Currently P.S. 122 operates as a K-8 school, but only students in the gifted-and-talented program stay until 8th grade. General education students leave the school after 5th grade, but the Department of Education (DOE) is proposing keeping all students through 8th grade.
The changes would not take full effect until 2019.
Parents voiced their strong opposition at two different venues, once in the auditorium of the school at a hearing on the proposal and again outside Tweed Courthouse on Chambers Street.
At the hearing, a DOE representative said the department believes every student should be eligible to attend a school for as long as they can without having to switch.
However, according to the staff at the school, rooms used for arts education would have to be used as regular classrooms. Also, the school, which already operates over capacity, would be functioning at close to 130 percent.
PTA president Claudia McKenna-Lieto fears the change is to make way for charter schools. Her theory is that if the students from P.S. 122 stay in the school until 8th grade, than the local middle school would eventually phase out.
“I don’t see how they can keep their doors open,” she said. “There is a smell of charter all over this.”
While the DOE has not made any public comment regarding charter schools, Success Academy Charter School has recently updated their website and included two proposed schools in the same district as P.S. 122.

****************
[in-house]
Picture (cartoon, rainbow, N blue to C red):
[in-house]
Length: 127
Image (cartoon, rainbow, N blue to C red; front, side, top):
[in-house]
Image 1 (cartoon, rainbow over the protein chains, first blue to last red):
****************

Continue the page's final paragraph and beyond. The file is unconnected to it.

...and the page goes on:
McKenna-Lieto said while that she was glad to have arranged a meeting with Walcott - it will likely take place next month - she is not optimistic about the outcome.
“When I heard I was elated,” she said, but after thinking about the meeting, she said she fears she would be “talked at.”
“Chancellor Walcott and his team are very responsive and listen closely to feedback from families,” said Devon Puglia, a DOE representative. “We look forward to meeting with this community once again and articulating our rationale for this plan: equality and fairness for all students.”
So far the PTA has secured 2,200 signatures from local residents opposing the proposal, 350 letters of opposition, and eight letters from local elected officials also opposing the project.
“I hope the DOE will listen to common sense and reason,” McKenna-Lieto said.